"Second Coming" is about identical twin sisters, Lora and Ashley Gerritson, who had a special psychic bond. Lora left their small town to become a photographer, Ashley stuck around to work at the local diner. Then, Lora begins receiving chilling visions from her sister and returns to the small town to find her sister...

"Kaidan" is an award winning Japanese film produced by master of J-Horror, Takashige Ichise. It's part of a ghost story anthology. The other films in the anthology are Shimizu's "Reincarnation" and Kurosawa's "Retribution".

Friday, June 26, 2009

Dead Computer: A Few Links To Articles

Well, I still don't have access to my PC at home, the keyboard refuses to work... I gotta say, though. It's surprising how far you can get with just a mouse. Regardless, the lack of a typing instrument does make the act of typing tough. So, I'm now at work and I'm going to quickly hammer out a post about a couple of articles that I came across.

I know that most people are far more into the creative process of developing and creating a film, but I do think it's important to understand the business end of things. I mean, if you're making a product and you're trying to get that product out there, you better know how the selling and distribution process of that product works. And this article, "Netflix Boss Plots Life After The DVD", has some great insight into how Netflix works, as well as where the industry COULD be going and how these guys are dealing with it. Good article, definitely give it a read. I thought it was really interesting that Netflix basically started out as a software system for recommending movies... a software system like that, mixed with VOD, could be the Holy Grail for indie horror.

There's a specialty horror cable channel in Canada called Scream... or, I guess I should say there WAS a cable channel in Canada called Scream. I just read the article, "Scream TV to lose gore after Dusk falls this September", where they discussed how they're going to change the lineup on the channel and rebrand it. I guess ratings were a little shy of stellar, so they added the murder mystery drama "Supernatural" last year and it bolstered their female audience by 100%. So, they're going to add a few more similar shows and rebrand the channel as "Dusk". Now, a lot of people may see this as the demise of hard-core horror and the rise of a softer, more friendly style of horror, but I see it another way. Cable channels won't run the more intense stuff, they peak out on things like horror festival films, the "Saw" franchise, old horror TV shows, things like that. So, I think the hardcore horror fans look elsewhere already. What's really happening here is that the cable company figured out that there's another demographic out there that's into watching horror on TV, more specifically... 18 - 49 year old women. That's a big demographic... and when you're planning your next project, maybe you should keep them in mind, too.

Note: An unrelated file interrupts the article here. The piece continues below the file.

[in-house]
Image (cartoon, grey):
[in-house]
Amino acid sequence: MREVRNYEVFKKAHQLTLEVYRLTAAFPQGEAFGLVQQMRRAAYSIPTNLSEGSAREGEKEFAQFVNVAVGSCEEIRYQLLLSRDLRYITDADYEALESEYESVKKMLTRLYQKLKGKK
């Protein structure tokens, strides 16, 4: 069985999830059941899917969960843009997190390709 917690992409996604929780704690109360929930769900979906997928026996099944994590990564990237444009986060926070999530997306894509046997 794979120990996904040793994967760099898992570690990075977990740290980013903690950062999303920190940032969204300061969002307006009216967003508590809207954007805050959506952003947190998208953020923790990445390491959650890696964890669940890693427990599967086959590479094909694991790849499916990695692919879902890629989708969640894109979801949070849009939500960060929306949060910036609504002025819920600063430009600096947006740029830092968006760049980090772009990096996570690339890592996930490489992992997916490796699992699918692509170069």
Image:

That's it for this week. I'm going to do my best to get my PC up and working over the weekend, which should mean plenty of good content for next week. Have a great weekend!

Thursday, June 25, 2009

What Dave Mustaine Reminded Me About Indie Horror